Well, I’m a bit novice to cad, so whats the easiest way to make gears?
If you actually want to make gears, the easiest way is to cut them from gear stock.
If you want to model them in Inventor, start with a disk-shaped blank, model a tooth shaped cut, and pattern it. To get the cut to look right, experiment with arc shaped edges by adjusting the radius of the arc. To get the cut to actually be right, learn about involute gear teeth by reading a good reference. You can find several good ones online by Googling “involute gear” or something similar.
Here’s one of the best tutorials that I’ve found; it’s set up in Pro/E Wildfire 2, but as long as you can get Inventor to solve the equations, I think that it could work. It’s heavy on math, but you can scroll down to the solved equations, and implement those without necessarily working through the theory.
This will get you proper gear geometry, suitable for scaling to any size, and for cutting on a machine (such as an EDM, or a maybe even a waterjet or laser). Depending on your computer, and Inventor’s capabilities, it may also take a long time to regenerate that sketch, every time you load the model.
In practice, you don’t necessarily need that sort of precision for many jobs—it’s really up to you, depending on what you need it for, and what tolerances your equipment can hold. In the event that you can deal with slightly imperfect geometry, try GearGen (or here), which will output a gear with small arc segments, rather than a continuous curve, in .dxf format. This can be imported into Inventor, and extruded.
In any event, for simply drawing the gear, you can just pattern an approximately correct tooth (using an extruded cut) around the circumference. It’s also common to just model the gear as a cylinder with the pitch diameter.
in inventor 10
File>New…>Standard.iam>Dropdown on Assembly Panel and Click Design Accelerator>Spur Gears
You should be able to get it from there…if you don’t have inventor 10 talk with whomever is the main contact because they recieved the software.
(Someone beat me to it, but here are more details)
If you have Autodesk Inventor 10+, you can use the Design Accelerator. It’s a new tool in version 10 and in assembly files; it creates parts such as gears, sprockets, bolted connections (i.e. inserts a bolt and optional washers and nuts according to different parameters) and others. While in an assembly file, go to Tools > Design Accelerator. Select Gears (or something like that) and run through the wizard. I’m not too sure what the next steps exactly are. Play around with it and you’ll get the hang of it. You’ll probably want to stick to Designer mode instead of Engineer or Expert. Remember, you need to do this in an assembly file. After finishing the wizard, it’ll create the gear part files in the project folder. Alternatively, you can save the part as a new file once it is in the assembly. I hope you understand this, ask again if you don’t and I can get back to you with Inventor 10 equipped.
If you don’t have Autodesk Inventor 10+, which is my situation since my computer specs aren’t to its liking, you can download gear parts.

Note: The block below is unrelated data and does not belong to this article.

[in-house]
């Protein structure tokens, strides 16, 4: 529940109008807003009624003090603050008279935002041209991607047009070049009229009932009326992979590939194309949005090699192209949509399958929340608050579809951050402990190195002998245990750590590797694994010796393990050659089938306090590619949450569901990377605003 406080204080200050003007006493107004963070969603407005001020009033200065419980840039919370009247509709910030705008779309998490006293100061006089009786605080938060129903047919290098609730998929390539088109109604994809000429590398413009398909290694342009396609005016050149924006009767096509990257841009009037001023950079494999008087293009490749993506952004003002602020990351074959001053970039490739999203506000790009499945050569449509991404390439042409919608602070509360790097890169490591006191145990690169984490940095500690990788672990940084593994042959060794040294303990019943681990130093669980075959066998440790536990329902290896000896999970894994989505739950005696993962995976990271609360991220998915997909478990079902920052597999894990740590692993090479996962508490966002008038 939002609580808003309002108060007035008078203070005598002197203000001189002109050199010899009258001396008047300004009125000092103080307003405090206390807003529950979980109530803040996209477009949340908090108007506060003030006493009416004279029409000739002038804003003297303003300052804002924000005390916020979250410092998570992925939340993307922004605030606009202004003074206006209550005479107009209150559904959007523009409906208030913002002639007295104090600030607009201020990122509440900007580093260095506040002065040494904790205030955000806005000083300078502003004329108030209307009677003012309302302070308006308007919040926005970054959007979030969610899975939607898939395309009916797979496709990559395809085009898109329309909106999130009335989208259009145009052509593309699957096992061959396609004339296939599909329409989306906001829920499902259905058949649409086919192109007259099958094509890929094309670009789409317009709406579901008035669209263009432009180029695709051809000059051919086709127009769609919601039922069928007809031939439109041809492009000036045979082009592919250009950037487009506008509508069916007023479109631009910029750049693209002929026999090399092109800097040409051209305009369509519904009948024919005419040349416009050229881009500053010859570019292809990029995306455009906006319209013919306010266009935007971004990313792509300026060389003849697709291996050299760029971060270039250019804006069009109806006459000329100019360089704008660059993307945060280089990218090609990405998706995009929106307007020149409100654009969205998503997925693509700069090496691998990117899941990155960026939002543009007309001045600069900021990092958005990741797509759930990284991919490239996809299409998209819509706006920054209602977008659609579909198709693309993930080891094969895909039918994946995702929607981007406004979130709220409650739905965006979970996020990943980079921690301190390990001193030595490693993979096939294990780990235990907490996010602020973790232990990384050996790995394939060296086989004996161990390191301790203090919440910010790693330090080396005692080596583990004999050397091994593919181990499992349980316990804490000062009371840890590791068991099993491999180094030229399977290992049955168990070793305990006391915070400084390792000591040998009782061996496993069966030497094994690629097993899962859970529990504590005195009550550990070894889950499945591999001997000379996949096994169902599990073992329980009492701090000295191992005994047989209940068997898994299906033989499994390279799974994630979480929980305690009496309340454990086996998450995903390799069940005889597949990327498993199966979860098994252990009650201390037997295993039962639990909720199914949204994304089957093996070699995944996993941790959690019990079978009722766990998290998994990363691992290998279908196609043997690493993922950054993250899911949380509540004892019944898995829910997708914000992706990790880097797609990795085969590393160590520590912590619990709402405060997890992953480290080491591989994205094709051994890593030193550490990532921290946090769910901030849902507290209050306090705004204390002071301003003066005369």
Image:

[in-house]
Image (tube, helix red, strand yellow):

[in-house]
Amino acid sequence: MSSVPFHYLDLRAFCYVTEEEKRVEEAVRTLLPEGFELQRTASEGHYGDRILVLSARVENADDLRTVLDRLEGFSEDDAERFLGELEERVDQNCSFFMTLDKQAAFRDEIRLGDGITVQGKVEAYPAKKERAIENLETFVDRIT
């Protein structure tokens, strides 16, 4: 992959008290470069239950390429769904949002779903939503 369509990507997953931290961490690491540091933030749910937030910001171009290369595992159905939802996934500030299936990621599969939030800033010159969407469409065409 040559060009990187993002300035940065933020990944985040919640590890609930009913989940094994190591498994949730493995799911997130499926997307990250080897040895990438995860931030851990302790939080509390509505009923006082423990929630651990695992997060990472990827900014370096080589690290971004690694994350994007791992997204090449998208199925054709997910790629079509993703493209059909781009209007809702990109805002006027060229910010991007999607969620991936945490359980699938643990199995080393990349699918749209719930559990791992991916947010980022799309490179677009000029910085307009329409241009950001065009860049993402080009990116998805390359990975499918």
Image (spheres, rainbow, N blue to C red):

- Go to SDP/SI’s Online Catalogue
- Find the gear you’re looking for.
- Click on its part number.
- Click on 3D CAD Models in the bottom right corner of the popup.
- Click on Downoad CAD Model.
- Select STEP as your format (I believe STEP is better for Inventor than IGES and DXF, but I might be wrong) and download.
The gear part you download may not be exactly how you want it (wrong bore size or thickness) but you can always edit the file or copy the profile of the gear to a sketch in another part file.
I hope you are using gear models for presentation or manufacturing purposes, otherwise it’s pretty much unnecessary and will only slow your computer down by trying to display such a complicated CAD model. Circular discs with the diameter equal to the pitch diameter of the modelled gear will suffice for most designing purposes.
Yeh, thanks for your help. I guess I’ll stick with circles…they do the job. I’m using Alibre Design so I cant really use all those tools. Thats my fault, I should have stated it. Thanks again.
As far as I know, Alibre should be able to import STEP or IGES files such as those downloadable from FIRST CAD Library.
sanddrag beat me too it. I figured out how to import from the FirstCadLibrary. Well thanks for the help.
Im still reading the book on the design accelorator and cannot completely use it yet so for the time being this is what i do:
make a circle to the diameter of the gear and extrude it. I then draw two lines that are dimensioned at an angle of say 360/24/2/2. This would be for 24 teeth. draw a “V” and set the bottom to the depth of each tooth, and then extrude the cut. revolve by the number of teeth. Lastly, for constraint animations, i draw another circle SLIGHTLY smaller on top and extrude it to flatten the tips of the teeth to a similarly sized circle.
The math works itself out quite easily and your left with gear that may be easily constrained to an animation as the computer can find the gear ratio when assembling the product itself since the egdes of the teeth act resemble a similarly sized circle.
I just started the fisher price motor. Its shown below, and is only about halfway done and some resizing needs to be done, but it animates VERY well.